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Introduction to the contemporary Arab world: Yemen between 1962 and 1990

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The Republic of Yemen is a country located in the Arabian peninsula. One of the main features of Yemen has been its centrality, which has been its characteristic feature since time immemorial. Until the nineteenth century, the Yemeni state was based on its centrality, and it exuded great power as it was the hub of trade in the Arabian Peninsula. Yemen traded in spices, which helped it to emerge as a strong and prosperous nation . However, two centuries later, Yemen appears as a weak state, and is the poorest nation in the Arab world. It is one of the countries that has been classified as an LDC (Least Developed Country) in the Arab world. It is also one of the least affluent nations in the world. This paradigm shift in its power may have been due to the dual colonization, which split Yemen into two parts.

The north of Yemen was ruled by the Ottoman Empire, and the South was colonized by the British. Though the British empire contributed to the richness of the nation in the South, around Aden, one of the reasons the nation fell into bad times was the mismanagement of wealth by the Imamate. In 1918, the north of Yemen gained independence from the Ottoman Turks, and was ruled by the Hamiuddin family. This monarchy isolated North Yemen, but did nothing to improve it, and plunged it into underdevelopment further. North Yemen became a republic in 1962. The south gained independence from the British Empire in 1967, and adopted the communist government system in 1970.

The situation in the two parts of Yemen seemed worse between 1962 and 1990. South Yemen seemed poorer in 1990, than it was in 1960. Both North and South Yemen were ravaged by internal conflicts and external interventions. This led to the two parts of Yemen being mired in a slump, for almost three decades. However, the reunification of both parts in 1990 appeared to have been the most needed respite from the problems, and the situation seemed destined for a definite improvement.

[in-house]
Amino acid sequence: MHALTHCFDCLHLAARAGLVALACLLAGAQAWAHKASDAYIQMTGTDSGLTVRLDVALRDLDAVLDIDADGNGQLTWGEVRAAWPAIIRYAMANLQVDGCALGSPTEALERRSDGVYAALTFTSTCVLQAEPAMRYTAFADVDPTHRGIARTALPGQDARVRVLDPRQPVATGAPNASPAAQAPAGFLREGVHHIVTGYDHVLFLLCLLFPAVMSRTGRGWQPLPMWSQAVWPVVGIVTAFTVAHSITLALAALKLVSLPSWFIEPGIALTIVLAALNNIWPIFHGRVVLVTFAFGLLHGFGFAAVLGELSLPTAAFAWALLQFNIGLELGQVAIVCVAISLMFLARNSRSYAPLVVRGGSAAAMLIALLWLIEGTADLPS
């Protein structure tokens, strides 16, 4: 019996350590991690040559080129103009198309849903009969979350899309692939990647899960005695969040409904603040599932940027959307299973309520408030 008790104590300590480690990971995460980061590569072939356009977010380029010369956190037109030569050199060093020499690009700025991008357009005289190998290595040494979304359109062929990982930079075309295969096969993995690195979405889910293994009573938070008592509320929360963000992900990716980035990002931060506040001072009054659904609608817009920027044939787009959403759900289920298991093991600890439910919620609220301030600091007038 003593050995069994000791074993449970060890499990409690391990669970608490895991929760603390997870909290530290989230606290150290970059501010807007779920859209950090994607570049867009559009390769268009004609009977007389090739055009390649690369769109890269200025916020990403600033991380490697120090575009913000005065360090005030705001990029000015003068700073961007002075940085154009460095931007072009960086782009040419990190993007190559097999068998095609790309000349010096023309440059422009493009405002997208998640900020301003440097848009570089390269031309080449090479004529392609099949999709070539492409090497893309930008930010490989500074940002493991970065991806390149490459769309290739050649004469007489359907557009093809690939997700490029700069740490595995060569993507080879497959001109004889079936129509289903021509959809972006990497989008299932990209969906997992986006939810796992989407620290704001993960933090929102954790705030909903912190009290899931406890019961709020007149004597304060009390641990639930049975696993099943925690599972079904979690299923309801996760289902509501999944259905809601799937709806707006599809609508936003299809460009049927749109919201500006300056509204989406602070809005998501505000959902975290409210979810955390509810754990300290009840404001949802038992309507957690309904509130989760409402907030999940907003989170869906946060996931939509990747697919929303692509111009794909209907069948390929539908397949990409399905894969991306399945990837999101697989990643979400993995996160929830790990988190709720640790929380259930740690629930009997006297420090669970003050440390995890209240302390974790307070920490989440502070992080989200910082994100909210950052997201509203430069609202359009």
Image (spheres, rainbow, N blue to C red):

In this document, we will discuss the difficult journey that Yemen has had, from being a super power to a poor nation, and its situation today. We will also talk about the various obstacles that Yemen has had to encounter, and will have to encounter, before it becomes the "Arabia Felix", as it was once known by the Romans. After showing the original divisions and the inclusion of the Yemeni conflict in the Arab world in the 1960s, we show how this intervention will lead to a Cold War-type configuration before the conflict comes to an end because of the international context.

The North Yemen, or the coexistence of an imamate was weakened by a religious and tribal conglomerate. North Yemen is characterized by the accumulation of many different types of internal divisions. The first division is of tribal order: it is indeed the dominant social formation in the north and the northeast and exploded into a multitude of tribes with different interests, variably taxed by the imam, which does fail to maintain internal conflicts.

Tags: Cold War, Ottoman Empire, Republic of Yemen

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